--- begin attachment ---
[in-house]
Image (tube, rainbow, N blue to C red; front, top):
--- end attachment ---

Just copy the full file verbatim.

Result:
[in-house]
Image (tube, rainbow, N blue to C red; front, top):